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JensB

How to deal with progression and "consider" in a skill based system?

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Pitching this question / thought out here to see what inputs to get. We are talking a classical 'high-fantasy' RPG setting here. I want to work with a pure skill based system, not level and classes - The calculation of you succeeding to accomplish something should be based on relevant skills and basic stats. Now, in a level based RPG, you start life killing rats etc (level 1 monsters) and gradually get tougher and tougher opponents as you progress. In a skill based system, a rat would be a weak all over opponent, that you can beat with any combat skills - But, assuming I'm a priest that now needs a new target to fight against - say to get cash I want to kill these bandits. How would I know if this fight is doable for me/how could I balance it? - so I "con" the bandit (or click him) - what should the game consider to determine how hard the fight would be to me... - and how would I deal with balancing something like this in terms of progression? Ideally I don't want to force my players to be in groups, even if that feels like the obvious answer. I guess the main question is the "con" one + Looking for some input on skill based systems. Any input appreciated, and sorry for the rambling post ;)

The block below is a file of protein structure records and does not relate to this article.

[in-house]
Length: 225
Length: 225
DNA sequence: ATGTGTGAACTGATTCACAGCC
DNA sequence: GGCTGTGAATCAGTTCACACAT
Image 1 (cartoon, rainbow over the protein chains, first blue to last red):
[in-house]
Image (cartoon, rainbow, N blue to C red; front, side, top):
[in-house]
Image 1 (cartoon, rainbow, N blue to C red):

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Personally, I like systems that don't cause enemies to vary wildly in power. I look at it this way. If the game (battle) is interactive enough to be fun, then the player will have the capacity to win just about any battle, with any foe, through careful strategy and/or timing.

There are boundaries, of course. If they're heavily outnumbered, or the enemy has significantly advanced equipment, the fight could be too much to win outside of a miracle. When this happens, give them an escape option. Let them acknowledge the challenge, then retreat.

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How would I know if this fight is doable for me/how could I balance it?

- so I "con" the bandit (or click him) - what should the game consider to determine how hard the fight would be to me...

You could make the names of the enemy be color-coded, where blue represents low risk, and red represents high risk for death, or etc. Many MMORPGs use such a color-coded system on monster's names so that players could gauge the risk of attacking that monster.